Masterpiece Monday: Iliad

Achilles kills Hector. Detail from an Athenian red-figure clay vase, about 500-450 BCE. Rome, Museo Gregoriano Etrusco Vaticano H545 © Museo Gregoriano Etrusco Vaticano

Rating: 4 out of 5

Now that my comprehensive exam process is over, I’ve been busy grading papers and reading my first guest recommendation. I won’t spoil the surprise, but I will tell you what I’m going to read next: The Song of Achilles by Madeline Miller.

I was intrigued by the story because it’s written by a woman with a BA and MA in Classics who now teaches the subject to high school students. This is her first novel, and it’s an adaptation of Homer’s Iliad in Patroclus’ perspective. It has gotten rave reviews, so I’m excited!

But if you haven’t read the original tale of the Trojan War, pick up an English translation pronto! (I recommend Lombardo or Fagles). Nothing beats the ancient Greek poetry, but the best translators succeed in balancing the descriptions and the poetic form.

Originally sung by Greek poets and attributed to Homer in the 9th c. BCE, it’s an epic about the war between Greece and Troy (an empire allegedly located in modern-day Turkey). Now this story has an extensive character list, so bear with me through this summary!

Trojan prince Paris has stolen Spartan king Menelaus’ wife Helen–yes, the cliche that launched a thousand ships. Menelaus’ brother Agamemnon has brought along Achilles, the strongest warrior in all of Greece. Achilles, thanks to his mother, is practically immortal, save for his famous tendon. However, his mother knows that Achilles will die in the war, and when she tells him of his doom, he goes to Troy anyway to seek glory.

Just thought I'd add this image...hot damn, what was I talking about again? Oh yes, Achilles (as played by the sexy Brad Pitt in 2004's "Troy")

However, Achilles becomes a reluctant soldier after Agamemnon steals his slave-girl Briseis. Because he refuses to fight, his cousin/closest friend/implied lover Patroclus takes Achilles’ armor and pretends to be him in battle. Not until Patroclus is murdered by Paris’ brother Hector does Achilles seek revenge and become emotionally invested in the war. Cue the bloodbath!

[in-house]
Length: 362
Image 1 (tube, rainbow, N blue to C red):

I absolutely love the Iliad, because it’s the ultimate war story–gritty, violent, brutal, oozing testosterone. I mean, just read this excerpt from Lombardo’s translation:

Next came Demoleon, Antenor’s son, a good soldier. Achilles pierced his temple through his helmet’s bronze cheek pieces. The spear’s business end sheared right through bronze and bone, scrambling the skull’s contents and stopping him cold. (20.405-410)

And there’s tons more extremely graphic death scenes where that came from! But unfortunately, the Iliad does not cover the whole story of the Trojan War; in fact, it fails to include the crucial before and after scenes: The Judgment of Paris, in which the prince wins Helen in a goddess girl fight, and the Trojan Horse, which inspired an entire class of computer viruses thousands of years later.

The literary holes are due to the gaps in the oral tradition, but luckily other ancient Greek tales fill in the blanks. And speaking of blanks, I’ll probably review the movie “Troy” sometime soon, as well as other ancient Greek adaptations since  I could talk for days on those films (especially those that suck–that’s right, I’m referring to you, “Clash of the Titans” and “Immortals!”)

So anyone else obsessed with all things Greek? What other tales or myths would you love to see reviewed?